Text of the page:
Friendships: South African teenagers socialize in groups and sometimes one-on-one. Both ways are considered appropriate and the choice is left up to the individual. Most teenagers make their friends through neighborhood connections and school connections, and family also plays a big role in determining with whom a student socializes. Teens often spend a lot of time with their cousins. South African teenagers often think of peers with whom they are only casually associated as friends. Friends are also confidants, and are therefore trusted with personal information. It is uncommon for South African teenagers to share money with each other.
Communication Styles: In South Africa, greeting someone you see every day is generally expected, but the greetings are not necessarily invitations to a larger conversation. South Africans communicate very indirectly and often hide their opinions, especially if it is a negative one about an elder. Teenagers are generally comfortable expressing negative emotions to a friend, but with family they are often more cautious, especially if the family member is an authoritative member of the family or an elder. A South African YES student may be uncomfortable with sharing their feelings with authority figures.
Eye Contact: Eye contact is race-dependent in South Africa; in the black cultures, it is regarded as disrespectful to look an elder in the eye, in white cultures it is considered disrespectful not to look an elder in the eye.
Cultural Norms: Students do spend a lot of time in the week with family, but may expect to spend a Saturday with their friends. Personal space is relative and individual time alone is rare.
South Africans are punctual. Being on time is considered a sign of respect, and being even a little bit late to an appointment is noticed, but a grace period of 10 minutes is usually given depending on the situation.
Classes: In South Africa, students generally take six to nine subjects at a time, and each class meets either every day or for extended sessions every other day. Students are evaluated on daily homework, class participation, and periodic written exams. Boys and girls study in the same classes and are not seated apart in class. The class sizes vary depending on the school or subject.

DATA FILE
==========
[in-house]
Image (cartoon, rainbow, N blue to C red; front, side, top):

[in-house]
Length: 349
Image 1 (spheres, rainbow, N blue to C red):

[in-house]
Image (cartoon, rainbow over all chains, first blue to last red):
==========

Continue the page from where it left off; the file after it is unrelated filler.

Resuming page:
The South African curriculum is different in private and public schools. Students studying at public schools all study at the same level of difficulty from grade 8 to grade 10. From grade 10 to grade 12, students are allowed to pick their subjects based on their chosen career path. Additionally, in grade 10 students have the option of choosing between mathematics literacy, which is aimed at teaching students the basics principles of mathematics, and pure mathematics, which allows students to engage with the more complex aspects of mathematics.
School Relationships: School is very formal and students are always expected to address school staff by the surnames with the prefix Mr. or Mrs.
Extracurricular Activities: South African high school students are often very involved in school-based extracurricular activities, and these activities are where most students develop their friendships. South Africans have freedom to participate in which ever extracurricular activities that they like.
School Rules and Attire: South African high schools have a “zero tolerance” policy regarding cell phone usage and fighting. These activities are not allowed at all in school and the penalties for engaging in these activities are often severe, and in some cases, will include expulsion.